should be written in the journal. The laboratory journal is not to be taken home and will
remain in the laboratory at all times (except when used for studying for the tests).
1 small ruler. This is important and used to make straight lines in graphs and will not
be used for measurements in the lab.
1 calculator is sometimes useful but not necessary. No fancy functions are needed. It will
be used only for simple arithmetic. Please put your name on your calculator.
Most of the data collection in each experiment will be done in a group of two to three
students or with the class as a whole. You are encouraged to discuss among yourselves your
methods, analysis, and purpose. But each of you must record all of your data, and your
journal will be graded independently from your lab partner’s.
Students tend to consider the importance of neatness to be only slightly above that of a
low fat diet. In the big scheme of things that might be true. But for the rather mundane task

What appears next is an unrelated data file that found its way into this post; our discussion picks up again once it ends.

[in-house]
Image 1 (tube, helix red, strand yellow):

of assigning grades, if an instructor can’t figure out what you have done then your efforts
will go unrewarded.
All of the tests will contain questions which relate to your laboratory experience.
Lab write-up’s
The following minimum structure is required for each laboratory write-up and for the
proper upkeep of your laboratory journal.
1. Each experiment should have a title, a date, and a list of the names of all of your
laboratory partners (including last names).
2. There should be a few sentences which describe the purpose of the experiment.